Undeterred, he went off and started a company that factored “future” credit card receipts based on estimated credit sales to occur over the next 90 to 120 days. The estimate was based on past, documented history from the client’s merchant credit card processor. And he did this at APRs over 100% per annum. I guess I wasn’t nearly as smart as I thought I was. While we all could argue the legalities about “factoring” something that doesn’t yet exist (future sales), the truth of the matter is that there are over a thousand MCAs in the U.S. processing billions of dollars in transactions annually, and this “factoring” niche has existed for well over a decade. Today, the average term of an MCA funding transaction has increased out to nearly 9 months, with most clients “re-upping” prior to paying off the original advance in full. Their yields have come down, but still average well over 50% a year.
The skyrocketing growth of the MCAs can be attributed to their distribution channel. All those credit card swipe machines that you see when you pay at retail outlets are sold through Independent Sales Organizations or ISOs for short. These people work a local market to sell, repair and upgrade these important tools of commerce. Since they are in the face of local merchants on a consistent basis already, why not ask if they need some extra financing.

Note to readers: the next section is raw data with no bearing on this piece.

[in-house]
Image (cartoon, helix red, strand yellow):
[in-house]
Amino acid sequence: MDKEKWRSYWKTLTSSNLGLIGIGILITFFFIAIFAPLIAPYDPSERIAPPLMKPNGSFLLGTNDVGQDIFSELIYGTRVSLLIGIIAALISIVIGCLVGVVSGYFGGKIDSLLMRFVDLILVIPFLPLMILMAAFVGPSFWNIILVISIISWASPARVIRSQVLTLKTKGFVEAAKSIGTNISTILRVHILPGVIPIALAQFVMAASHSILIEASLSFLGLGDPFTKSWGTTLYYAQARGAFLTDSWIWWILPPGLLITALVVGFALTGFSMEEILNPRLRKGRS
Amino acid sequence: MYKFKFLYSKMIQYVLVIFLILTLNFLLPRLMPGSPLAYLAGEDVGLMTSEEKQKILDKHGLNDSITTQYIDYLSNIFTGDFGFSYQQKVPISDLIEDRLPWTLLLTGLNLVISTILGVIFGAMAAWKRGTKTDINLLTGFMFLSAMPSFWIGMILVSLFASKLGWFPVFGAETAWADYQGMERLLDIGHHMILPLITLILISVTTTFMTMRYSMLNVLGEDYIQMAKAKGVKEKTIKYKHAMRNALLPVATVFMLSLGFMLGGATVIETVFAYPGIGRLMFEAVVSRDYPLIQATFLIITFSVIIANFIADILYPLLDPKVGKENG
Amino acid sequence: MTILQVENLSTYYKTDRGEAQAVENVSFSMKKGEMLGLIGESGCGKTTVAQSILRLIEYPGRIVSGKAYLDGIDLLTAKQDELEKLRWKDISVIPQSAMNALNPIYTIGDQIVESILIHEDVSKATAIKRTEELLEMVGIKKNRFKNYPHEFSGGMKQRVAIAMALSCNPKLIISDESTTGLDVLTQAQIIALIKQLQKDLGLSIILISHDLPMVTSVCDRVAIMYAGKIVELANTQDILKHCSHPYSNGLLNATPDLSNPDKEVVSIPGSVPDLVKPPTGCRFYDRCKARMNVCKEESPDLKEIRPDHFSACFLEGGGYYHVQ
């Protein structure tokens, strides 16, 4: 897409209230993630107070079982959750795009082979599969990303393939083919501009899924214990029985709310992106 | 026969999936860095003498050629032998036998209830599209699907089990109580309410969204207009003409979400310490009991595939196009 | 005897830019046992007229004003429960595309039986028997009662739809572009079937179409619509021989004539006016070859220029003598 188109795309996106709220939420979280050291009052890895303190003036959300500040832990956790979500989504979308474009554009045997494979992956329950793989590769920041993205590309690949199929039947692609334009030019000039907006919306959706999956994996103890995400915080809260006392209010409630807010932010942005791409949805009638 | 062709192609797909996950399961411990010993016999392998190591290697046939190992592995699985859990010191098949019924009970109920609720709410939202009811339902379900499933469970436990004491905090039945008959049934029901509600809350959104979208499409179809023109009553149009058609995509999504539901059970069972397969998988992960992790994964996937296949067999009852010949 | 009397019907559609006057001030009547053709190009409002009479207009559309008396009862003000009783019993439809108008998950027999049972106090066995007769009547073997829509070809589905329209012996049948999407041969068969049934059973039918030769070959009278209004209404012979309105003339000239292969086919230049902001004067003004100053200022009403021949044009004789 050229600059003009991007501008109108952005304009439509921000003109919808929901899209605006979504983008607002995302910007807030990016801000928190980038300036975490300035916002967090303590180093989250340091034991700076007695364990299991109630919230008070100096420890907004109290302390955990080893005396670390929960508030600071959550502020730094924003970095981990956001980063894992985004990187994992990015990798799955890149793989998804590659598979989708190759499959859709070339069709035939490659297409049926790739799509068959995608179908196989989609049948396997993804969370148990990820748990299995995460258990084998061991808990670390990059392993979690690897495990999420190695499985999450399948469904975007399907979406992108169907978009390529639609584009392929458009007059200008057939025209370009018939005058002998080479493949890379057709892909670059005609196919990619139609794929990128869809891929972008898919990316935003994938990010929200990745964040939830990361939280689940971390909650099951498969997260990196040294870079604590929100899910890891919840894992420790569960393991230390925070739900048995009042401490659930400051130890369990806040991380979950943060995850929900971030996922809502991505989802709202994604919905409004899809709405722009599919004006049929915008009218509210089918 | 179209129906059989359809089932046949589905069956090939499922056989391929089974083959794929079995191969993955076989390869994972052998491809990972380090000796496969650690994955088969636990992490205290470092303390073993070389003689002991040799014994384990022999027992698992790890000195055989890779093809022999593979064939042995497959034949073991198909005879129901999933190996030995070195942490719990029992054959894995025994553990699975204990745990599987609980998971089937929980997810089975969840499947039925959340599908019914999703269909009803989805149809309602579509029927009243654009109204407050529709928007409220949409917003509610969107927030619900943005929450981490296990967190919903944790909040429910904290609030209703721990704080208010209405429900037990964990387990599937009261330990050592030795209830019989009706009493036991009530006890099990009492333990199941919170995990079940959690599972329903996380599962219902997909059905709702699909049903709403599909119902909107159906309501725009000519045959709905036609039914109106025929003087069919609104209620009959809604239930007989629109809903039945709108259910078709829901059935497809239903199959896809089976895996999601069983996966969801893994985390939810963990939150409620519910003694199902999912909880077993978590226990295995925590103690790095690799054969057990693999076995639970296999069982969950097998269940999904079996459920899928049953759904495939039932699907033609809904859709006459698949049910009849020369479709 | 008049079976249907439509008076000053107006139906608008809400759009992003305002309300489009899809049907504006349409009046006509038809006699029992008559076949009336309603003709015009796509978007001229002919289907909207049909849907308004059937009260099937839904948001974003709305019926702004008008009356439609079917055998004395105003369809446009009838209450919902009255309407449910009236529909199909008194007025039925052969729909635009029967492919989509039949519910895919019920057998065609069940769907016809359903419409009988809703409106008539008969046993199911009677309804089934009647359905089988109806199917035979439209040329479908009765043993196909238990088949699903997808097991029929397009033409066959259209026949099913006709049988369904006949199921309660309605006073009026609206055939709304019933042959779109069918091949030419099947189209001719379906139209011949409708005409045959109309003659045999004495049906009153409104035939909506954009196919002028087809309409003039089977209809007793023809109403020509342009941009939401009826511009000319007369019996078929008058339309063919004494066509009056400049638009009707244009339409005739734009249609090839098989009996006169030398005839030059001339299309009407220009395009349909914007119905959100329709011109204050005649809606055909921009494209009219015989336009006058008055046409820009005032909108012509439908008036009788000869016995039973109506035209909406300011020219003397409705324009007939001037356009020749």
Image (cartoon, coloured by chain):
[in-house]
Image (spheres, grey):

Utilizing these ISOs, the MCAs have access to 100% of the market at a sales cost that is completely variable. Further, the MCAs have a way to control the receipt of proceeds much like the notification process we use. All credit card transactions are run through a third-party merchant card processor. These processors handle all of the data between the merchant and the credit card issuers as well as clearing the final payments to the merchant after all the fees are charged. As part of the documentation of a merchant cash advance, the MCAs instruct the processor to send a percent of all proceeds due the merchant borrower directly to the MCA for payment on their advances. As we know, the only way to survive given the risk we take is to directly get repaid by the client’s customers.
Why Should I Care if They Only Factor Credit Card Receipts?